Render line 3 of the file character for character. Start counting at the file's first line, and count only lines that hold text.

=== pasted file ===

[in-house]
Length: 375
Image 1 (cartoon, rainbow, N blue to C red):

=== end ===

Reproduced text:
Image 1 (cartoon, rainbow, N blue to C red):